RedBon mix Bag

Hello Mixed Bag arrangement fans.

Over the past few weeks I have been preparing a Mixed bag arrangement of Redbone by Childish Gambino. Over the duration of Prac I decided to teach myself jazz guitar and fell in love with the slow smooth Jazz standards like autumn leaves, Girl from Ipanema and Some where over the rainbow. So when this assignment presented itself I thought that it would be an interesting and fun idea to try and turn a pop piece of music into Jazz standard. Now this is a bit of a strange idea for a mixed bag arrangement but I still think it will be quite enjoyable for a small group of students or even for the whole class. Finding the different melodic ideas where not that hard. It was quite a popular song and gets stuck in your head quite easily. I thought that it would be easy to start this arrangement with the chords. However, I decided to figure out the chords by ear to test my guitar and aural perception ability, it was fun and a more enjoyable process then if I just Google searched the chords but it did take a considerable amount of time and ended up being a bit of a hassle when figuring out the key of the piece. Once I had found the main chords (Bbmaj7 C7 Dm7) I decided to through in a little embellishing chord right at the end of the chord cycle, a G7 just to add a little bit of flavour. After the chords where down, I went to work on the bass line and the ‘lead’ melody, the melody found at part A. This melody I ended up giving to the Violins and labeled it as the “Hard” melody due to its constant movement and medium range. The horn stabs were labeled as easy melody as well as the easy bass. Finally the actual Bass riff was labeled as the hard bass line. These lines where written out to accommodate any Orff instruments who didn’t want to play or fit into the glockenspiel or xylophone parts. I also wrote in an improvisational part to encourage students to explore the piece of music more, to give the students the ability to alter the piece of music and express level of independency that they may not get often in classical stage or chamber band scenarios (Frazee, 1987)However, I have given the students the pentatonic scale for the three main chords as a blank stave can be quite a daunting experience for students that are new to improvisation.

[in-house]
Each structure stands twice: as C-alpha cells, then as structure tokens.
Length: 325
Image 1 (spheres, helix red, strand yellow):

I choose this piece for a variety of reasons not only is it popular and well know by the kids, but it also contains some great aspects of Orff Composition such as pedals, repeating melodies, ostinato and multiple harmonic accompanying parts (Stewart, 2013). Understanding what makes Redbone successful not only as a pop piece of music but also in the mixed band arrangement can help give students an understanding of different compositional devices. As shown in a study by Margaret T. Siemens, students that underwent a Orff style of teaching would not only more engaged and interested in music as a whole but were able to understand rhythmic and melodic elements from a variety of styles of music. However the study also goes to show the students that undertook a ‘classical’ approach to music education understood the mechanics of composition better than the Orff students, the classical students were able to identify and write a verity of chords and compositional devises. It may be beneficial to explore a little of both styles of music when studying Redbone and teaching composition in the classroom. Exploring the loops and Bourdon’s Gambino has used to compose simple pieces of music but also understanding how the chord progression works or how the horn stabs build to create the chord or a certain atmosphere.


You can find a link to my scores here:

Let Me know what you think!


Works Cited

Frazee, J. (1987). Orff Media . Discovering Orff: a curriculum for music teachers , 14-32.

Siemens, M. (1969). A Comparison of Orff and Traditional Instructional Methods in Music. Journal of Research in Music Education , 17 (3), 272-285.

Stewart, C. A. (2013). Facilitating Elemental Composition in an Orff Classroom (Thesis, Master of Education (MEd)). University of Waikato, Hamilton, New Zealand. Retrieved from

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